By Joe Hurley
TWELFTH NIGHT, by William Shakespeare. Directed by Nicholas Hynter. Stage design by Bob Crowley. Starring Helen Hunt, Kyra Sedgwick and Paul Rudd. At the Vivian Beaumont Theater, Lincoln Center. Through Aug. 30.
Four years ago, when stage designer Bob Crowley, the son of a Cork fireman, accompanied his production of the Rodgers and Hammerstein classic "Carousel" from London’s National Theatre to Lincoln Center’s Vivian Beaumont, he was thunderstruck at the dimensions of the stage.
Indeed, the Beaumont stage is seldom fully used because of its vast breadth and depth. But it motivated him to create an element for the New York reproduction, a pile of battered carousel horses, which eloquently reminded the audience of the time that had passed since the show’s opening scenes, underscoring the hard times on which the New England carnival ride had fallen, not to mention the great musical’s embattled characters.
Now Crowley and Director Nicholas Hytner are back at the Beaumont with Shakespeare’s final, and ostensibly richest, romantic comedy, "Twelfth Night," and the great Irish designer, probably the finest visual artist currently at work in the world’s theaters, has very clearly brought all his feelings for the largest Lincoln Center playing space to bear on a huge production that is, as things worked out, utterly dominated by its physical elements, for good or ill.
"Twelfth Night," starting with the shipwreck that separates the fraternal twins Viola and Sebastian, abounds with references to water and images of liquidity, and Crowley has taken advantage of them all, creating a world of reflecting pools for the play’s narcissistic young romantics to gaze into, including one sufficiently capacious and inviting that four of the cast’s principals go for a dip in the course of the action.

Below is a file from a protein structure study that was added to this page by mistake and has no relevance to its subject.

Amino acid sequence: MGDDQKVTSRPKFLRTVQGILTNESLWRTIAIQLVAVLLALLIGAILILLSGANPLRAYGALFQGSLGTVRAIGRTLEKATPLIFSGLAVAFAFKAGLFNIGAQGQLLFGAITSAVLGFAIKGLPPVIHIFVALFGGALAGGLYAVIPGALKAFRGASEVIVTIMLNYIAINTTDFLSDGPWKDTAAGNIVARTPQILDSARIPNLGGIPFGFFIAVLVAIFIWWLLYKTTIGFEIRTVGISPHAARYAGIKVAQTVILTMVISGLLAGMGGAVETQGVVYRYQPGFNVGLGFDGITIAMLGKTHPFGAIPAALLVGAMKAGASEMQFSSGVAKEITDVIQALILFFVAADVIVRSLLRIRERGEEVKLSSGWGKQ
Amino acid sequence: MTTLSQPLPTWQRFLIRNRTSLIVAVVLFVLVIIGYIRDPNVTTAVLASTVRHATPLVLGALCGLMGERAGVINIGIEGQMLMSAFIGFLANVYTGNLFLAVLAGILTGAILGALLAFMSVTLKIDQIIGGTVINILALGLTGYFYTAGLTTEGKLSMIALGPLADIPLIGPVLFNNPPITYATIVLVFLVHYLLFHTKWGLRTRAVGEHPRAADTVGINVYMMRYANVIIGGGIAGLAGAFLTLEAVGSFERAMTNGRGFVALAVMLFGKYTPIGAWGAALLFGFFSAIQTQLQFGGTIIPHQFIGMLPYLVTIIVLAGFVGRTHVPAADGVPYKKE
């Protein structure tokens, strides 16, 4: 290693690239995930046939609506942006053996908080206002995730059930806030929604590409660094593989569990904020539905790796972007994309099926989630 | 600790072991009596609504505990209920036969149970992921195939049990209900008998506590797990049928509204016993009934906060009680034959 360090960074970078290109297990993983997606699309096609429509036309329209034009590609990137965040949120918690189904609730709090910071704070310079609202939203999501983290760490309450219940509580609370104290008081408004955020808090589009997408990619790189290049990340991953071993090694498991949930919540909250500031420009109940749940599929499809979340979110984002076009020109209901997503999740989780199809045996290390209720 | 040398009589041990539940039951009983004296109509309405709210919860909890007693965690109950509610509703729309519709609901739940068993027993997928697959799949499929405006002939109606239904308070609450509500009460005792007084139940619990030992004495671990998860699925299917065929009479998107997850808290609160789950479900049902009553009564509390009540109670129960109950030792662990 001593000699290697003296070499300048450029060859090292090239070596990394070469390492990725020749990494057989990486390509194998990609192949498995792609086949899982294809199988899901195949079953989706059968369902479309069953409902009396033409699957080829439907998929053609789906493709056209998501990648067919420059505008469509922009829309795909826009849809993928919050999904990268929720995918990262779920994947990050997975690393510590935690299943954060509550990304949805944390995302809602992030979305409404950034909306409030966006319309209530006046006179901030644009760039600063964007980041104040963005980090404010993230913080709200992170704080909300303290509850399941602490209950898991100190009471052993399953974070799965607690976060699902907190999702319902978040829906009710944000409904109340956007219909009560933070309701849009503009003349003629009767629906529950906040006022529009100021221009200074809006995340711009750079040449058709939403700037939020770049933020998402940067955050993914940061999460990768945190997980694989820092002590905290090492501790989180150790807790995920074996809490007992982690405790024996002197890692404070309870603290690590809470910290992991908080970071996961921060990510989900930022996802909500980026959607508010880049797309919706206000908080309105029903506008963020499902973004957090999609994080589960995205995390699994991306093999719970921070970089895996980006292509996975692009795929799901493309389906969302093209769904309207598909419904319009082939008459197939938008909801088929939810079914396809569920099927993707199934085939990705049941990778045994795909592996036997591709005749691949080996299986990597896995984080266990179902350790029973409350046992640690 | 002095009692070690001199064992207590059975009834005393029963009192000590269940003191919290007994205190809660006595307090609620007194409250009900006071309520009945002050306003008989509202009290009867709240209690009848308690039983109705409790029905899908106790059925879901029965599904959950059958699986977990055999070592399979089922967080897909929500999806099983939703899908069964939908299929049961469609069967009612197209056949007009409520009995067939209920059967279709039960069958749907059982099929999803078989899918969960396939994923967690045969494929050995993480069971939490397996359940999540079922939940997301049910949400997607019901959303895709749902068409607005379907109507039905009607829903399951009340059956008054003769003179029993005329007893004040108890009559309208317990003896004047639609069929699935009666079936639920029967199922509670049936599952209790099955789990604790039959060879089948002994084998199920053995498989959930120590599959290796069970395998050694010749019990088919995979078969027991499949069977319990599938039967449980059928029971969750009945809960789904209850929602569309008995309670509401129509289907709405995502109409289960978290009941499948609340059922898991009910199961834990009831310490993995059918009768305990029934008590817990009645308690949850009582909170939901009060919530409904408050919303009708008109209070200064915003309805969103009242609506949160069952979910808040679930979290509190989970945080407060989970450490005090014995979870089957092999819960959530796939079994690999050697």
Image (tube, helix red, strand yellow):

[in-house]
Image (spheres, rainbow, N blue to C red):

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Crowley’s eloquent design, so enormous that at times it resembles an especially exotic automobile showroom caught between shipments, features a seemingly endless expanse of oriental carpeting of a brightly reddish hue into which repeated images of purplish-blue peacocks have been woven. Red and yellow flowers, of glaringly artificial provenance, float in the pools.
In the Beaumont stage’s more distant reaches, a network of catwalks arches over a kind of marsh through which several of the plays characters wade and splash now and again, most notably Viola and three of her shipmates, undamaged by the wreck of the vessel on which they had been traveling.
Late in the play, Crowley even manages a magical downpour, with several cast members making their watery way over those catwalks with the help of enormous umbrellas.
The Lincoln Center "Twelfth Night" is the classic example of a production from which the audience emerges whistling the scenery. If Crowley’s dazzling contribution, splashy in every possible sense of the word, has taken the venture prisoner, the reasons are evident, to the point of being inescapable.
One problem with Shakespeare’s romantic comedies, ‘Twelfth Night" very much included, is that the major parts, the roles that carry the plot and are entrusted with the lion’s share of the poetry, are often cast with appealing young actors, often new stars who’ve made a mark in the movies and/or television, performers who are still too inexperienced to succeed in terms of the difficult language.
When the New York Shakespeare Festival did "Twelfth Night" at the Delacorte Theatre in Central Park a few summers ago, the Viola was Michelle Pfeiffer, who registered in the open air amphitheater as a kind of beautiful, squeaky mouse.
At the Beaumont, TV and film star Helen Hunt, who played Bianca in the Delacorte’s Wild West adaptation of "The Taming of the Shrew," is the Viola, who, after the first couple of scenes, dresses in male attire and calls herself Cesario in order to travel safely as she acts as emissary between the lovestruck Duke Orsino and the uninterested object of his affections, the noblewoman, Olivia. Viola/Cesario, Orsino, Olivia, and, midway through the play, the suddenly reappearing Sebastian form something like a five-sided amatory equation.